Again, the honourable member for Cowper seemed to overlook the fact that some Government Ministers were concerned that IBM was becoming upset. It first appeared in the Australian Financial Review, which at that time seemed to be the appropriate mouthpiece for IBM, that the industry was grinding to a halt because the com- { niter group was upset. The managing director of BM informed all its clients by telex:

I regret to have to inform you that until further notice we will be unable to accept new contracts . . .

They were the only people mentioned in the Press. There was no suggestion by the Opposition that the Government had done the wrong thing. In fact, the Opposition was applauding the Government in this area. I am astounded by the ignorance of the honourable member for Cowper in this area. Then, on 7 July 1977 the Acting Minister for Business and Consumer Affairs, Mr Macphee, was moved to comment that he found it surprising that industry had taken so long to examine the proposed new definition of 'consumer'. Mr Macphee stated that it was surprising that in view of the long period over which the proposed definition of 'consumer' had been made public and in the light of the specific invitations which had been issued on a number of occasions by his colleague, Mr Howard, for interested persons to examine the Swanson Committee's recommendations, it had taken so long for somebody to talk about this matter. Senior Government officials were reported as saying: 'The principle is that if it is reasonable to protect the ordinary consumer, then is it not reasonable to protect the business man who is not expert in what he is buying for his own use- that is, not trading stock or raw materials'. Then we find The Australian saying that there was confusion. It reported:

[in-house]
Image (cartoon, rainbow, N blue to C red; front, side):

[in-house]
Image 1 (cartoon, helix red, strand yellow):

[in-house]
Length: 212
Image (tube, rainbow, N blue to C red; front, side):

After a week of investigation I feel that it is just old fashioned stupidity by our supposedly most intelligent industry.

I wish the honourable member for Cowper would talk to his colleagues. They are the words of the Government and other Ministers. What are they talking about? This is a high pressure campaign and whilst the Minister for Business and Consumer Affairs has said that there are other people who have been complaining, the real issue came from IBM and a few of its subsidiaries. I think the other one is the Otis Elevator Company. Neither are Australian owned in this sense. Let us not be hoodwinked by an attack on me. I can take it but the consumer cannot. That is the point the Opposition is making. I wish the honourable member for Cowper would understand also that the Government has amended the Act so that a trade union can be liable for damages if it causes a secondary boycott. He must have forgotten that legislation. It is good to see the honourable member for Cowper in the chair listening to this speech because I know he will learn from what I am saying. The point I want to make is that this -

The DEPUTY CHAIRMAN (Mr Ian Robinson)- The Chair restrains itself. It cannot interject.